This article first appeared on MLK50: Justice Through Journalism.
People do exactly what they want to do. I’m fond of saying that and it’s particularly true as the city of Memphis wrestles with how to remove the Nathan Bedford Forrest and Jefferson Davis statues/tributes to white supremacy.
Neither have any place in any publicly funded space and especially not in a city that’s 63 percent black. Their presence is an embarrassment and reveals the hypocrisy of a city trying to manage its public image as the 50th anniversary of Dr. Martin Luther King Jr.’s assassination nears.
On Monday, Bruce McMullen, chief legal officer for the city of Memphis, told reporters that the city will again ask the Tennessee Historical Commission for a waiver so that it can take the monuments down. The commission meets next in October and McMullen warned that the process could take a “considerable amount of time.”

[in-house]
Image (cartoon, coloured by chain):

It doesn’t have to take time, though. The repercussions of acting now might be severe, but there have always been consequences in pursuit of justice. (The family of Heather Heyer, who was killed this weekend in Charlottesville, Virginia, allegedly by a white supremacist, knows this all too well.)
So here are some what ifs:
- What if the statue of Jefferson Davis and Nathan Bedford Forrest were felled somehow (lightning, act of God, whatever) and the city declined to replace them?
- What if the statues were removed but the police department declined to investigate and the district attorney refused to bring charges against those who assisted in their removal?
- What if the city of Memphis directed a construction crew to remove the statues and dared the state to do something?
- What if the city sold the parks to a nonprofit for $1, the nonprofit removed the statues and then sold the parks back to the city for $2? The city would actually make money.
Others have suggested blocking the statues from public view, perhaps with an art installation. (I wrote about just such an art installation in 2009, created by University of Memphis art professor Richard Lou.)
You cannot convince me that there’s no way to get those statues down by the end of the month. Where there’s a will, there’s a way.
What ideas do you have to get the monuments removed now? Hit me up at Wendi C. Thomas or on Twitter at @wendi_c_thomas and use #TakeEmDown.